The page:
The Queensland Adult Deterioration Detection System (QADDS) – improving compliance to recognise deteriorating patients in an Emergency Department.

Muireann Wynne1, Joanne Farrell2,

1 Queensland Health, Emergency Department, Logan Hospital, Meadowbrook, QLD, 4131.  muireann.wynne@health.qld.gov.au.
2 Queensland Health, Emergency Department, Logan Hospital, Meadowbrook, QLD, 4131. jo.farrell@health.qld.gov.au.

Abnormalities in physiological observations are known predecessors to adverse patient events such as respiratory and cardiac arrest. Evidence suggests that many of these abnormalities and deteriorations go unreported (Mitchell Scott et al, 2015). Structured processes for recognising and responding to deteriorating emergency department (ED) patients are varied around Australia. The Queensland Adult Deterioration Detection System (QADDS) was implemented at Logan hospital emergency department (LH ED) in 2013, consistent with state wide guidelines. The QADDS tool provides nurses with a framework in which to record observations and with a prescribed escalation process to follow in the event of patient deterioration. In October 2014, the LH ED moved to a new building which led to a threefold increase in nursing staff with a dilution of specialist emergency nursing knowledge and skill mix.

Routine audits of 20 QADDS charts were carried out in LH ED in May 2015.

  • 50% of charts had observations recorded at acceptable frequency.
  • 0% of patients with a numerical score of 4-5 in the first instance had appropriate escalation or an acceptable frequency of observations.
  • 0% of patients with a numerical score of 8 or greater had appropriate escalation or observation frequency recorded.
  • 25% of patients who warranted an emergency response in the last instance had one initiated immediately.

A nursing staff survey was carried out post initial audit results to gain further insight into facilitators and barriers experienced by staff. A qualitative approach was undertaken using a paper based survey tool. A number of barriers experienced by nursing staff when attempting to escalate deteriorating patients were identified.

Further audits in 2016 displayed some improvement in compliance to the QADDS tool.

  • 60% of charts had observations recorded at acceptable frequency.
  • 50% of patients with a numerical score of 4-5 in the first instance were escalated appropriately but 0% of these had an acceptable frequency of observations.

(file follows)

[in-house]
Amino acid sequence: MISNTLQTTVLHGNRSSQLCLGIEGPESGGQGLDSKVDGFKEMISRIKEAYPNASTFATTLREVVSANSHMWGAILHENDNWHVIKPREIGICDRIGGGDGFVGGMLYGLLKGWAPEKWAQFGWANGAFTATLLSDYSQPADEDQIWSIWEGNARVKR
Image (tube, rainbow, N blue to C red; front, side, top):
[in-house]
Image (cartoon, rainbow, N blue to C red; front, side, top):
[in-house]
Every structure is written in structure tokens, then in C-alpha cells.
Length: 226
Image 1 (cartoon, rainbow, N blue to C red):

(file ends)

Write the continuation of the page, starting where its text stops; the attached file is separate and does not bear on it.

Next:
• 0% of patients with a numerical score of 8 or greater had appropriate escalation or observation frequency recorded.
  • 100% of patients who warranted an emergency response in the last instance had one initiated immediately.

A QADDS quality improvement project was commenced as a priority based on the results. A focus group was formed to address the recommendations of the nursing staff survey. An expression of interest was advertised and self-nominated QADDS champions were formed to be a part of the project. A set of values and role expectations for the QADDS champions were devised using a patient safety model.

The project is ongoing and post project implementation audit results are expected by the end of September 2016.

Reference

Scott, B.M., Considine, J., Botti, M. Unreported clinical deterioration in emergency department patients: A point prevalence study. Australasian Emergency Nursing Journal 2015; 18: 33-41

Biography

Muireann Wynne.
I have worked in emergency nursing for almost my whole career. I started my nursing career in Ireland in and moved to Australia 4 years ago. I have completed a post graduate and masters in emergency nursing. I currently work as a clinical nurse consultant in Logan hospital emergency department and have a background in clinical teaching and education. My area’s of interest are in nursing education and patient safety.

Joanne Farrell.
Jo has worked in many areas in her nursing career, mainly in emergency nursing. She started her career in the UK and has worked in Western Australia for a number of years before moving to Brisbane. Jo has completed her post grad and masters in emergency nursing. She has a background in nursing management and she works as a clinical nurse consultant in Logan hospital emergency department currently. Jo’s area’s of interest are in resuscitation and disaster management.